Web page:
8. Alkyl aromatic sulfonates
a. Alkyl toluene sulfonate
b. Alkyl xylene sulfonate
9. Petroleum sulfonates
a. Alkylaryl alkyl and aryl sodium sulfonates
1. Sulfated branched-chain alcohols
a. 2-butyl-2-ethyl-ethyl sodium sulfonate
b. 1 -dimethyl-ethyl-4-butyl-4-ethyl-butyl sodium sulfonate
c. 1-diethyl-propyl-4-butyl-4-ethyl-butyl sodium sulfonate
2. Monosulfate of a monoglyceride
a. Sodium glyceryl monolaurate sulfate
3. Sulfated alkylphenoxyethanol
a. Sodium alkylphenoxyethylsulfate (alkyl groups consist of 8 or 9 carbon atoms)
4. Sulfated alkylphenoxyethoxyethanol
a. Sodium alkylphenoxyethoxyethysulfate (alkyl groups consist of 8 or 9 carbon atoms)
5. Alkyl sulfates
a. Sodium lauryl sulfate
b. Ammonium lauryl sulfate
6. Sulfated aliphatic esters (sulfonated oils)
a. Sodium glyceryl-triricinoleyl sulfate (turkey red oil)
D. unbuilt, high-sudsing, light-duty liquid detergent compositions
1. Liquid detergents of the type described in U.S. Pat. No. 3,179,598, which issue Apr. 20, 1965. These liquid detergent compositions consist essentially of:
a. from about 20 to about 40% by weight of the composition of a sulfate detergent surfactant having the following formula
R--(C2 H4 O)x --SO4 --Me
wherein R is a straight chain alkyl group having from about 10 to about 14 carbon atoms with at least 50% of said alkyl groups having 12 carbon atoms, x is a number from zero to about four, and Me is selected from the group consisting of monoethanolamine, diethanolamine, triethanolamine, ammonium, sodium and potassium cations,
b. a trialkyl amine oxide having one straight chain alkyl group having from about 10 to about 14 carbon atoms with at least 50% of said alkyl groups having 12 carbon atoms and two short chain alkyl groups having from one to about two carbon atoms in an amount such that the weight ratio of sulfate detergent surfactant to amine oxide is from 3/1 to 7/1,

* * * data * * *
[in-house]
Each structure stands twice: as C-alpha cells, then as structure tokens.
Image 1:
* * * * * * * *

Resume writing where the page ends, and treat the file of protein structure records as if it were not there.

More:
c. at least about 50% by weight of the composition of solubilizing agent selected from the group consisting of methyl, ethyl, n-propyl, and isopropyl alcohol,
d. and the balance water. Other minor ingredients including from zero to about 5% by weight of the composition of a viscosity control agent such as either potassium, sodium, or ammonium toluene sulfonate or potassium, sodium or ammonium xylene sulfonate; perfume; opacifiers; and coloring can be added.
2. Liquid detergent compositions of the type described in U.S. Pat. No. 3,179,599, which issued Apr. 20, 1965. These compositions consist essentially of:
a. from about 20 to about 40% by weight of the composition of a sulfate detergent surfactant having the following formula
R--(C2 H4 O)x --SO4 --Me
wherein R is a straight chain alkyl group having from about 10 to about 14 carbon atoms with at least 50% of said alkyl groups having 12 carbon atoms, x is a number from zero to about four, and Me is selected from the group consisting of monoethanolamine, diethanolamine, triethanolamine, ammonium, sodium, and potassium cations,
b. from about 5 to about 20% by weight of the composition of a trialkyl amine oxide having one straight chain alkyl group having from about 10 to about 14 carbon atoms and two short chain alkyl groups having 12 carbon atoms and two short chain alkyl groups having from one to about two carbon atoms in an amount such that the weight ratio of sulfate detergent surfactant to amine oxide is from about 1/1 to about 7/1,
c. from about 2% to about 10% by weight of the composition of an alkyl glyceryl ether sulfonate having a straight chain alkyl group having from about 10 to about 14 carbon atoms with at least 50% of said alkyl groups having 12 carbon atoms, the cation of said sulfonate being selected from the group consisting of monoethanolamine, diethanolamine, triethanolamine, ammonium, sodium, and potassium cations and mixtures thereof, the amount of said sulfonate being at least 20% of the amount of said amine oxide,
d. at least about 5% by weight of the composition of a solubilizing agent selected from the group consisting of methyl, ethyl, n-propyl, and isopropyl alcohols,